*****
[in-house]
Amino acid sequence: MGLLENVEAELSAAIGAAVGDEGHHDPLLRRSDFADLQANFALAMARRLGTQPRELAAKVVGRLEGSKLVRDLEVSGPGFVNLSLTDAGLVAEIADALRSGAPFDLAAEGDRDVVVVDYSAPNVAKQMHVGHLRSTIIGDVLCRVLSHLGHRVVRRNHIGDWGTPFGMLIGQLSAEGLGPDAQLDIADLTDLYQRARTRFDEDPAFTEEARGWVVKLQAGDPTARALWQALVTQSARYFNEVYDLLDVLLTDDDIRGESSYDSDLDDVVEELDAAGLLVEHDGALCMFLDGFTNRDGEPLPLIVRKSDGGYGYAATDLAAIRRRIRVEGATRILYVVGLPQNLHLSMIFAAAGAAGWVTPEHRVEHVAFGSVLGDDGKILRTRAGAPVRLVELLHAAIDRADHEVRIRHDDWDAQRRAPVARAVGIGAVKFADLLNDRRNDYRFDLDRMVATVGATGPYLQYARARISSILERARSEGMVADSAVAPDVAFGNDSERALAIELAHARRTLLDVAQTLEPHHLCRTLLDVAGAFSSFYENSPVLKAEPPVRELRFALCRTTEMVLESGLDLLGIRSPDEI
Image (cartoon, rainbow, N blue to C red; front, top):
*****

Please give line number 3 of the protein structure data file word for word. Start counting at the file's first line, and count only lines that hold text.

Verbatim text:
Image (cartoon, rainbow, N blue to C red; front, top):